This period of the year, from Easter Day through the Day of Pentecost, is the oldest part of the Church Year. It is directly derived from the fifty-day period in the Jewish calendar, which began with Passover and concluded with Pentecost (the Greek term for “fiftieth day”). The Lord’s death and resurrection took place at Passover, and its completion—the empowering of the apostles by the Holy Spirit—took place on Pentecost. These are the church’s original feast days, which in very early times were both moved to the Sundays following the Jewish festivals, because of the early church’s intense reverence for the first day of the week as the Lord’s Day, the Day of Resurrection. The early Christians considered every Sunday to be a celebration of the rising of Christ and of the coming of the Holy Spirit—a repetition of Easter and Pentecost.
At an early date, the Great Fifty Days came to have a number of liturgical characteristics that set them apart from the remainder of the Church Year. Many of those were lost in later generations of the church, but others are still very much a part of our liturgy, including some that have been revived by many of the liturgical churches in recent years. Some of the more notable of those Eastertide liturgical notes are described here.
This word, derived from the Hebrew word hallelujah, means literally, “praise to Yahweh.” In Jewish worship, it is particularly characteristic of Passover. In the Seder meal, the entire group of psalms called the Hallel Psalms are sung (Psalms 113-118). As a result, the Hallel Psalms themselves have been of particular importance in the Christian Passover—that is, Easter. Psalm 114 is always sung at the Easter Vigil and Psalm 118 on Easter Day. As early as the time of the writing of the book of Revelation, hallelujah has an important place in the church’s worship, as can be seen in the description of the worship in heaven in that book. One notices in the liturgies during Eastertide that the word alleluia is used not only in its usual places, but also in many hymns and other parts of the liturgy.
The Acts of the Apostles
This book with its description of the life of early Christian community, characterized by an intense awareness of the risen Lord’s presence and the apostolic preaching of the Resurrection, has had an important place in the church’s liturgy. In recent years, the liturgical revisions among Anglicans, Roman Catholics, and Lutherans have placed it again in the Easter liturgy. The Acts of the Apostles furnishes one of the readings every Sunday during the Great Fifty Days.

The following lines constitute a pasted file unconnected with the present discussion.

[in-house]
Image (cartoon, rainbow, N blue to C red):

Other books of scripture heard especially in Easter season include the book of Revelation, 1 Peter, 1 John, and the Gospel according to John. Each of the years in the three-year cycle of readings features one of first three for the second reading at the Eucharist. The Gospel readings in almost every case are from John. 1 Peter is a baptismal homily which reflects on what Baptism has done for us as members of the risen Body of Christ. 1 John reflects on the character of Christian living in the Resurrection. Revelation is chosen because of its vision of the resurrected church at worship as it praises its victorious Lord, which is an image of our worship, especially in the Eucharist.
The Paschal Candle
A large candle that is first lighted at the Great Vigil on Easter Eve burns in a prominent place in the church at every service during the season. It was the custom of the Jewish synagogue to begin services in the evening with the lighting of candles—originally for the purpose of giving light but almost immediately invested with the symbolic meaning of light: the revelation of God’s love. Early Christians continued that use of light, seeing in the bringing of light into a dark place a symbol of the Resurrection. As early as the fourth century, the celebration of the Resurrection in Jerusalem began with a candle lighted in the Holy Sepulcher and brought out during the night of Easter Eve to the words, “The light of Christ.” That ceremony spread throughout the Christian church many ages ago.
The paschal candle (from the Latin and Greek word pascha, which means “Passover”) is often decorated with nails representing the wounds from the crucifixion which the risen Lord’s body still bore.
In the ancient Christian basilicas, some of which still exist in Italy, the stand for the paschal candle was built into the pulpit as a permanent feature of the building’s architecture. In the Middle Ages, Winchester Cathedral had a paschal candle that was sixty feet tall! In many places it is kept near the baptismal font and relighted at other times of the year, especially for Baptisms and funerals.
Sunday Themes in Eastertide
Certain scriptural themes which highlight the meaning of the Resurrection have been part of the church’s tradition for many centuries. The Sunday after Easter Day (the Second Sunday of Easter) always has as its Gospel reading the risen Lord’s appearance to Thomas. The
theme is, of course, not “Doubting Thomas,” but Thomas’s outburst of praise in which Jesus is first recognized as God—“My Lord and my God!” he said—and Jesus’ words about us: “Blessed are those who have not seen and yet believe.”
The Third Sunday of Easter always gives an account of a resurrection appearance in which Jesus eats with his friends. Its significance for Christians lies in its eucharistic pattern. It was in the breaking of bread that Jesus was first recognized after his resurrection. It is in the breaking of the bread in the Eucharist that we encounter our risen Lord now; hence our response at that point in the liturgy: “Alleluia. Christ our Passover is sacrificed for us. Therefore let us keep the feast. Alleluia.”